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Apple Pie Origins | Dental floss



Many staples in American cuisine come from abroad. German immigrants brought the modern hamburger with them, and Italians were the first to pair cheese with macaroni. Apple pie – a dish that usually follows the words “American as” – has a reputation for being one of the rare dishes the country can claim to full. But as it turns out, the story of the legendary American dessert is not that simple.

The earliest known recipe for apple pie does not come from America, but from England. It dates back to the late 13th century and lists several fruits as ingredients, including figs, raisins, and pears, and apples. Unlike a modern cake, no sugar was added and it was baked in a “coffin” crust that was meant to contain the filling rather than serving as an edible part of the dish. Although the first preparation, which resembles an apple pie, came from England, the recipe itself wasn̵

7;t entirely English. Its influences can be traced back to France, the Netherlands and the Ottoman Empire.

At this point in time, apple trees had only been cultivated in Britain for several centuries. An early ancestor of the fruit originally originated millions of years ago in the Tien Shan Mountains of Kazakhstan and was later grown in Central Asia before spreading around the world. Before Apple Pie could take over America, someone first had to plant the right apple trees in the country. The only apples that were native to North America before British colonialism were crab apples. When colonists arrived in Jamestown, Virginia in the 17th century, they brought with them the Old World seeds and cuttings they needed to make cider and created new varieties of American apples.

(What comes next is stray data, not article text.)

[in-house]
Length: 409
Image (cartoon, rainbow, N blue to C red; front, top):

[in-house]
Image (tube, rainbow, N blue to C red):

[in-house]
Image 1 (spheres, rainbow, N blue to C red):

American citizens enjoyed apple pie in the 18th and 19th centuries, but it did not immediately achieve its all-American status. The dessert’s transition from British import to American classic may have started during the Civil War. In his book Apple Pie: An American StoryAuthor John T. Edge describes Union and Confederate soldiers searching for apples and searching the flocks and flour bins on farms to bake cakes. The memory of the sweet delicacies in a time of national turbulence could have “fixed the taste of apple pie on the palate of the future generations,” writes Edge.

The patriotic symbolism of the apple pie was fully established in the early 20th century. A 1902 New York Times The article ushered in a new era for the court, calling it “the American synonym for wealth”. The Times may also be responsible for creating the myth that apple pie is an American invention. A 1926 headline read: “The Tourist Apple Pie Chase Is Over: The American Army Abroad Has Failed In Europe To Find The Kind They Make At Home.”

The court’s patriotic popularity continued to grow. A 1928 New York Times Article titled First Lady Lou Henry Hoover’s Homemade Skills “As American As Apple Pie”. A few years later, the battle “for mother and apple pie” became a popular catchphrase among soldiers of the Second World War. During World War II, apple pie was associated with a certain image of family life and the perfect American housewife.

Apple pies may not be 100 percent American in origin, but very few foods are available. Many of the best-known American dishes feature contributions from different cultures and parts of the world. Apple pie – made with Asian apples, Middle Eastern wheat, and a European recipe – is no exception.




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